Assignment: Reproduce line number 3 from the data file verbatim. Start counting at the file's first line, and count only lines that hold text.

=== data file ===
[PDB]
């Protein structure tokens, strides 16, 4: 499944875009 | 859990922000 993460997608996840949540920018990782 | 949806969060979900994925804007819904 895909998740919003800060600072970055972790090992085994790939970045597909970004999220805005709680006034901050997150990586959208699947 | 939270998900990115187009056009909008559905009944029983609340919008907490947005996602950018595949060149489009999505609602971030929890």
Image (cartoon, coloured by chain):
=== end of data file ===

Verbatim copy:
Image (cartoon, coloured by chain):